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This eBook from the Gutenberg Project consists of approximately 172 pages of information about Adventures of a Despatch Rider.

They had been fighting and fighting and fighting until their nerves were nothing but a jangling torture.  And a counter-attack on Neuve Chapelle was being organised.  Huggie told me afterwards that when the car had come along the road, all the men had jumped like startled animals and a few had turned to take cover.  Why, if a child had met one of these men she would have taken him by the hand instinctively and told him not to be frightened, and defended him against anything that came.  Yet it is said there are still those at home who will not stir to help.  I do not see how this can possibly be true.  It could not be true.

First we talked about the counter-attack, and which battalion would lead; then with a little manipulation we began to discuss musical comedy and the beauty of certain ladies.  Again the talk would wander back to which battalion would lead.

I returned perilously with a despatch and left Huggie, to spend a disturbed night and experience those curious sensations which are caused by a shell bursting just across the road from the house.

The proposed attack was given up.  If it had been carried out, those men would have fought as finely as they could.  I do not know whether my admiration for the infantry or my hatred of war is the greater.  I can express neither.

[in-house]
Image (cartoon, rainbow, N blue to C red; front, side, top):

On the following day the Brigadier moved to a farm farther north.  It was the job of Huggie and myself to keep up communication between this farm and the brigade headquarters at the farm with the forgettable name.  To ride four miles or so along country lanes from one farm to another does not sound particularly strenuous.  It was.  In the first place, the neighbourhood of the advanced farm was not healthy.  The front gate was marked down by a sniper who fired not infrequently but a little high.  Between the back gate and the main road was impassable mud.  Again, the farm was only three-quarters of a mile behind our trenches, and “overs” went zipping through the farm buildings at all sorts of unexpected angles.  There were German aeroplanes about, so we covered our stationary motor-cycles with straw.

Starting from brigade headquarters the despatch rider in half a mile was forced to pass the transport of a Field Ambulance.  The men seemed to take a perverted delight in wandering aimlessly and deafly across the road, and in leaving anything on the road which could conceivably obstruct or annoy a motor-cyclist.  Then came two and a half miles of winding country lanes.  They were covered with grease.  Every corner was blind.  A particularly sharp turn to the right and the despatch rider rode a couple of hundred yards in front of a battery in action that the Germans were trying to find.  A “hairpin” corner round a house followed.  This he would take with remarkable skill and alacrity, because at this corner he was always sniped.  The German’s rifle was trained a trifle high.  Coming into the final straight the despatch rider or one despatch rider rode for all he was worth.  It was unpleasant to find new shell-holes just off the road each time you passed, or, as you came into the straight, to hear the shriek of shrapnel between you and the farm.

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